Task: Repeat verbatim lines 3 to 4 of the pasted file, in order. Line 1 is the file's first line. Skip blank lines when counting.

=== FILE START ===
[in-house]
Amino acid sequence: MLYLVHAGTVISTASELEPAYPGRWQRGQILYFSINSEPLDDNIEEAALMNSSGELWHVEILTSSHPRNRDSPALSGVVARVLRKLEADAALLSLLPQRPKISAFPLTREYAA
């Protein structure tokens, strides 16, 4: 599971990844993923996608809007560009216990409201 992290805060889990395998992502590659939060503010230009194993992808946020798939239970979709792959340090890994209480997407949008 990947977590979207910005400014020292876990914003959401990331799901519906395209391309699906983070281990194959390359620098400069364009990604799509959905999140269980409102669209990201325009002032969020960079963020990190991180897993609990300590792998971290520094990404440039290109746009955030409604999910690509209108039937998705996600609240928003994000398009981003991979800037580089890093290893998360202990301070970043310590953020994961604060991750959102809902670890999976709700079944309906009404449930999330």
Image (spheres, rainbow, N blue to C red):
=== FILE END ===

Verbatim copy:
């Protein structure tokens, strides 16, 4: 599971990844993923996608809007560009216990409201 992290805060889990395998992502590659939060503010230009194993992808946020798939239970979709792959340090890994209480997407949008 990947977590979207910005400014020292876990914003959401990331799901519906395209391309699906983070281990194959390359620098400069364009990604799509959905999140269980409102669209990201325009002032969020960079963020990190991180897993609990300590792998971290520094990404440039290109746009955030409604999910690509209108039937998705996600609240928003994000398009981003991979800037580089890093290893998360202990301070970043310590953020994961604060991750959102809902670890999976709700079944309906009404449930999330």
Image (spheres, rainbow, N blue to C red):